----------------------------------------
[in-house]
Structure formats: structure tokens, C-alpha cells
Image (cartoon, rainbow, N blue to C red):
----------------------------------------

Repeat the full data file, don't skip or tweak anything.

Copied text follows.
[in-house]
Structure formats: structure tokens, C-alpha cells
Image (cartoon, rainbow, N blue to C red):